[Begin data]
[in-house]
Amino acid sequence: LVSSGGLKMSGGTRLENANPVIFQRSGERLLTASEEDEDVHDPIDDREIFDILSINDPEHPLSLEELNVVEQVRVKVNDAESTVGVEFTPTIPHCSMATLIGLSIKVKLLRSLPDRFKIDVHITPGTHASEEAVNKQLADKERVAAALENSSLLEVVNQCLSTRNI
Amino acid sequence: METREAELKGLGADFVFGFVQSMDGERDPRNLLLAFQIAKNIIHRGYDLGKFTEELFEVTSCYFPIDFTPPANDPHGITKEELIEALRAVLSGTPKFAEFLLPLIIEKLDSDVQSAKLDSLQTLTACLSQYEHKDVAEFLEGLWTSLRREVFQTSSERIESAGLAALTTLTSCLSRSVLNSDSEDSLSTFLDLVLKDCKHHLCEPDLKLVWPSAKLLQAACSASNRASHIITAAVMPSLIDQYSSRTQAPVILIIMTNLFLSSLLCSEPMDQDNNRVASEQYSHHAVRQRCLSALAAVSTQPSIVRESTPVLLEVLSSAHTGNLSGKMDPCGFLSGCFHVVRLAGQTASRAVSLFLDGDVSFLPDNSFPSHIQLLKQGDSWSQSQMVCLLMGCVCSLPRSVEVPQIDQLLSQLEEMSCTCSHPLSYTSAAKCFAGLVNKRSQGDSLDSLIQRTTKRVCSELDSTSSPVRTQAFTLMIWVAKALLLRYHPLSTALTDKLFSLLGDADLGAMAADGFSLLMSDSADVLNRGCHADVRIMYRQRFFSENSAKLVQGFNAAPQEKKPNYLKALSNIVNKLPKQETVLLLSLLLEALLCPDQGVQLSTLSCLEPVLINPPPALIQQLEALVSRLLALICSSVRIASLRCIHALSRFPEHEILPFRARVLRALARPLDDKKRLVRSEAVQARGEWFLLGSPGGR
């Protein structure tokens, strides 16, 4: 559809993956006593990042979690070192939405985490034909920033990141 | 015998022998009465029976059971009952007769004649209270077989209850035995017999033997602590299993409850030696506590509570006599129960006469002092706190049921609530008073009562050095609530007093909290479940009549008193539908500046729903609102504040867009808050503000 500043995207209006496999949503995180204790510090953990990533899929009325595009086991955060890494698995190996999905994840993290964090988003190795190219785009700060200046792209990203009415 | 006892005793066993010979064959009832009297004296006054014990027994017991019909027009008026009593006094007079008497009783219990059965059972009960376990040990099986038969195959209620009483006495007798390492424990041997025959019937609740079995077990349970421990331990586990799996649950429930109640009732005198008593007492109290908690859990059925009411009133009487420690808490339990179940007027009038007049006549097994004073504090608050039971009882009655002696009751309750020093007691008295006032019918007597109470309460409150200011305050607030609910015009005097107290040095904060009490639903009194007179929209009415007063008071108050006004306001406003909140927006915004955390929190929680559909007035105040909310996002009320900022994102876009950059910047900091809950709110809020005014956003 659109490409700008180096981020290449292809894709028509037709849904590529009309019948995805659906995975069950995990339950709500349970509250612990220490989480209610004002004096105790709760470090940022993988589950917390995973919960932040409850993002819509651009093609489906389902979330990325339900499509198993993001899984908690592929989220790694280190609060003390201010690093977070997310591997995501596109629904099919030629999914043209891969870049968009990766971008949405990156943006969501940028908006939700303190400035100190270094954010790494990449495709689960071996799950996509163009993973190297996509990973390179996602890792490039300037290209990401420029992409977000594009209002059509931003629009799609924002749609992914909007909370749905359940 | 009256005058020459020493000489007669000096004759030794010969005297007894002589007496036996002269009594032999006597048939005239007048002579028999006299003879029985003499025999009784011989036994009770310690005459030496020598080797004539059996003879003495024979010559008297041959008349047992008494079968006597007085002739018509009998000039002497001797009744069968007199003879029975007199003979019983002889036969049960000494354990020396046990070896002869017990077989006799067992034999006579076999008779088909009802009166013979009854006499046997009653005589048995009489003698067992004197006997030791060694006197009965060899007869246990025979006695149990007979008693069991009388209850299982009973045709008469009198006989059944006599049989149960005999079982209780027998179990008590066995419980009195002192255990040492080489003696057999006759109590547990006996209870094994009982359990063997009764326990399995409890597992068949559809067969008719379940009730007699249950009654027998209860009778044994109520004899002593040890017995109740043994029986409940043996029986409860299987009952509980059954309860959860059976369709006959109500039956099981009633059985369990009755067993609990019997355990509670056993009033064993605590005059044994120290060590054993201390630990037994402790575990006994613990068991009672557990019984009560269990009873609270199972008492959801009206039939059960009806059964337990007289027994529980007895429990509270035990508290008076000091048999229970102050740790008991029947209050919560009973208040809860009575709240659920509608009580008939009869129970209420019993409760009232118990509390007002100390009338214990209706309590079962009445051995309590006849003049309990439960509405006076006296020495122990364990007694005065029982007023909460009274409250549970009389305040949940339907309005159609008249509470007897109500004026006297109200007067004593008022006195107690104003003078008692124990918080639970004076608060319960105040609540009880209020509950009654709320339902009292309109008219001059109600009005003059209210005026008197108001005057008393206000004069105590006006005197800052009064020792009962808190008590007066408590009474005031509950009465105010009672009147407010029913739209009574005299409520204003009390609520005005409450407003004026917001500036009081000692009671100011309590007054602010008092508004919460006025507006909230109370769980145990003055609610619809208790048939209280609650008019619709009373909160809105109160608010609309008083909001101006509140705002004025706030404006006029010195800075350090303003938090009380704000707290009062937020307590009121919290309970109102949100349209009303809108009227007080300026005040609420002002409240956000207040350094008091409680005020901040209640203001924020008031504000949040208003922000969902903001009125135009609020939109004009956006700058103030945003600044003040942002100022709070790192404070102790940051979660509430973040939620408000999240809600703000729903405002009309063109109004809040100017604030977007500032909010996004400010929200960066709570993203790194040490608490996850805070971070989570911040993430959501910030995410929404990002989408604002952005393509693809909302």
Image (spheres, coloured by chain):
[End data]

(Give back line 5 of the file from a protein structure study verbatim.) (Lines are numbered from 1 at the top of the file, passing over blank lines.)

Image (spheres, coloured by chain):